What They Need To Do: Most of the Green support in the last election came from the South of England of all places. That’s where the majority of Green campaigning should be based. Built around the support the party has won in council elections and with luck, a second seat might emerge. Natalie Bennett has not had much media exposure since her leadership started, so its important that the party push her as much as possible towards voters & the press. The voters most likely to drift to the Green party are dissatisfied voters of Labour. Those are the voters The Greens will go for, as well as left wing voters in England, who haven’t moved towards Labour or any other minor party. Lastly, its important that they work with the Scottish and Northern Irish Greens to give a clear message towards the entire country, without any hint of disagreement in the slightest.

What To Avoid: Its not really bad PR the Greens need to avoid; it’s the idea of no PR at all. The reason that the Greens have never caught on in British politics is the lack of interest from the British press at large. Too many parties to focus on may see The Greens fade away from the spotlight altogether. However they do have one unlikely ally in all of this: David Cameron.

SNP:

If any political party has had the best five years since the last election, it’s the SNP. Despite not making a single gain in the last election, Alex Salmond went on to lead the party to a historic majority at the 2011 Scottish Parliament election, thereby having the mandate to hold a referendum on Scottish independence. Another successful council election in 2012 saw his chances increase. Unfortunately that referendum was a disappointing defeat, with a 55-45 percent result, and Alex Salmond resigning in the process. But the consolation prize couldn’t be better. Her deputy Nicola Sturgeon became First Minister of Scotland, overseeing a record rise of party membership to over 90,000, as well as record opinion poll scores of over 50 percent that predict the SNP wiping out Labour in Scotland in four months time. But will this become a reality?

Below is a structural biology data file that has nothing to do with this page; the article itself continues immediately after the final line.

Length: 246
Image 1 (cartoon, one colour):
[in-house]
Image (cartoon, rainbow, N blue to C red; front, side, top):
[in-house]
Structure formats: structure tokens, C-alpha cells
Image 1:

What They Need To Do: An important asset in this election will be Stewart Hosie. As the Deputy Leader of the SNP, this will be his first big chance to play a crucial role in the SNP’s election success. He will return to Westminster with more MPs and will be one of the key individuals fighting for more powers to Holyrood. The campaign the SNP showcase must be positive, and touch ordinary voters across the country. They have past experience in government to call back on, and have new members to help in their bid to reach out to voters. All the eggs are very much in their basket.

What To Avoid: I do have one concern: Alex Salmond. I have a sneaky suspicion the media will turn to him in the campaign. If Salmond returns to Westminster, I really hope he takes a backseat and lets Hosie lead the way. He cannot undermine his deputy leader when he’s still yet to be taken seriously as a senior member of the party. The best thing for him is to campaign up north, and leave the hard work to Hosie & Sturgeon and recognise that the SNP is moving on, and so should he.

By Connor Macgregor, Junior Writer for Daily Political View.